Foodservice providers implement innovations based on a cost-saving analysis. Interviews highlighted a general lack of concern and knowledge about FW management. Food industry professionals face an array of daily organizational and financial challenges linked to waste sorting, storage and disposal, and they mostly count on the standard recycling/waste procedures their local councils make available to cope with them. Professionals tend to approach waste reduction from a practical, experience-based approach, but there is no systematic implementation of waste reduction strategies based on forms of institutional knowledge. What they really need is proper training and achievable goals to be set by governments.

A key finding is that many companies are not actively innovating in the waste domain. They are however increasingly aware of the economic and social importance of waste management. The foodservice industry is not leading the way when it comes to innovation. There are only a few low- or zero-waste restaurants, and just a few chefs who are creating meals out of food scraps.

 

Conclusion

One important finding academic research highlights is the importance of developing partnerships between foodservice providers and other businesses, non-for-profits, and institutional players. Closer collaboration underlines the importance of bringing together different (and sometimes competing) stakeholders, and combining between them innovation types and innovation generation and adoption with greater efficiency. This calls for more research, tools and concepts to design the innovative practices supporting the next generation of FW management systems if the situation is to ever improve.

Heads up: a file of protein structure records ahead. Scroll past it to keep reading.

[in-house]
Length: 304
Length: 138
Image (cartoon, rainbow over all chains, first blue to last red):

Foodservice, as a labor-intensive activity where innovation has tended to be slow, can benefit from other firms and institutions sharing knowledge, insights and experiences, helping the industry get on track to hit the goal of halving food waste by 2030.

 

References

  • Martin-Rios, C., Zizka, L., Varga, P., & Pasamar, S. (2020). KITRO: technology solutions to reduce food waste in Asia-Pacific hospitality and restaurants. Asia Pacific Journal of Tourism Research, 1-8.
  • Martin-Rios, C., Demen-Meier, C., Gössling, S., & Cornuz, C. (2018). Food waste management innovations in the foodservice industry. Waste management, 79, 196-206.
  • Martin-Rios, C., Gössling, S., Arboleya, J.C., Bolton, J. & Erhardt, N. (2020). Sustainable food waste management: Research Topic. Frontiers in Sustainable Food Systems. Available here 
Written by

Associate Professor at EHL